Welcome to the Treehouse Community

Want to collaborate on code errors? Have bugs you need feedback on? Looking for an extra set of eyes on your latest project? Get support with fellow developers, designers, and programmers of all backgrounds and skill levels here with the Treehouse Community!

Looking to learn something new?

Treehouse offers a seven day free trial for new students. Get access to thousands of hours of content and join thousands of Treehouse students and alumni in the community today.

Start your free trial


I think that the Python course completely lost itself at the OO section

Everything goes so smoothly with the Python course, even if you get stuck after a while in some tasks, you get how everything works and why you are doing something. But all the sudden when you enter the OO section, everything falls apart... Treehouse doesn't take enough time to explain to you why you are doing all the this, super().... At a certain point Kenneth says something about an argument getting lost with a super() call, like... what is going on? Slow down please....

1 Answer

Chris Freeman
Chris Freeman
Treehouse Moderator 68,404 Points

Let's break down the super() usage.

  • When one class extends (or sub-classes) another class, all of the parents methods are automatically available in the new subclass.
  • The subclass may override a parent class method by simply defining a new method of the same name. Note that the parent class method is still exists, but only appears hidden by the new subclass method.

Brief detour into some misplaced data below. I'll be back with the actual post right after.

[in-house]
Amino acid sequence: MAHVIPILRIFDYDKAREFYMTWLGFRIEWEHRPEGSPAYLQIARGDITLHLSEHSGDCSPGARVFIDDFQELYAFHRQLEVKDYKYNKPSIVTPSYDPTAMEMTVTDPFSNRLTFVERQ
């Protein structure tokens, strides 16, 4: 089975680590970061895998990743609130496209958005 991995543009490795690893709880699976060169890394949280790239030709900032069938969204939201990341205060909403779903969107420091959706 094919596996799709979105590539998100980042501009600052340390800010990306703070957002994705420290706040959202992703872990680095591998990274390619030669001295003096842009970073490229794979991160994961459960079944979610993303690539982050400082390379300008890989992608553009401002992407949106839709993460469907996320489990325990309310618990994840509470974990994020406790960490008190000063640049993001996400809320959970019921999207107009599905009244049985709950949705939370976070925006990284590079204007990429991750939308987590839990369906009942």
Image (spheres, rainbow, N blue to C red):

• If the subclass wants to extend the parent class method, then a mechanism is needed to refer to the parent class method separately from the subclass version of the method.
  • The super() function says skip the subclass namespace and look directly to the parent class namespace for a specific method. Think of it as a way to jump up the inheritance hierarchy looking for code.

Sometimes we want to run the parent class method, then do more work:

class SomeClass(ParentClass):
    def __init__(self):
        # run the parent class __init__ first
        # then do more stuff
        self.new_attribute = "I'm a subclass"

Sometimes we want to prep data before calling the parent class method. This is likely when the parent class method takes an argument we want to adjust:

class SomeClass(ParentClass):
    def __init__(self):
        # then do prep stuff
        die = D6
        # run the parent class __init__ last

These are very simplistic examples, but give the general idea. Post back if you have more questions!!